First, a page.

Long before Jackie Chan teamed with Owen Wilson to bring the Far East to the Old West in Shanghai Noon, and even before Jet Li brought the East to the West in Once Upon a Time in China and America, actor/director Sammo Hung brought the two together within the Chinese confines with Shanghai Express, originally known as Millionaire's Express. This film combines screwball comedy with martial arts action with a bit of a Western bent. It is partially successful in creating an entertaining film, but I have to admit to being a bit underwhelmed by the endeavor.
The main story follows Cheng (Sammo Hung) as he returns home, a wanted man, proceeds to buy up all the businesses he can with plans to blow up the nearby railroad tracks in order to divert the wealthy passengers to the town so they will spend their money there. Meanwhile, there is the lawman who is pursuing Cheng with the intent to collect the reward money. Then there are the bored police of the town who decide to set a fire so they can rob the bank. Finally we have the firemen, led by Yuen Biao, who, as the most virtuous of the lot, take over as the police and set out to clean up the town. And this is before we even get to the train.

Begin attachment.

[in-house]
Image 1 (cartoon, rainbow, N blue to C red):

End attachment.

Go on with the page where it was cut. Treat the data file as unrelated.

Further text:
Now, the train brings with it a whole new set of issues. There are the wealthy people on board that Cheng wishes to divert to town, plus a group of not so nice fellows who are after an ancient artifact being transported by a couple of government officials. There are also a group of Japanese samurai with their own motives for traveling aboard this particular train. If that isn't complicated enough, there is a group of bandits, featuring a couple of foreigners, Cynthia Rothrock and Richard Norton (as Confederate soldiers), with plans of making a run at the town.
Each of these stories is brought together in broad comic effect, which I did not really find all that funny. This movie is a good case where the parts are greater than the whole. The movie, on the whole, is something of a letdown, the stories never really converge all that well, and the way they are told seems rather sloppy. Still, there is no denying the charms of the parts.